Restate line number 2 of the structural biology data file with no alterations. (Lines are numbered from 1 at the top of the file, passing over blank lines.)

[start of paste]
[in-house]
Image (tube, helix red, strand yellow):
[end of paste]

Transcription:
Image (tube, helix red, strand yellow):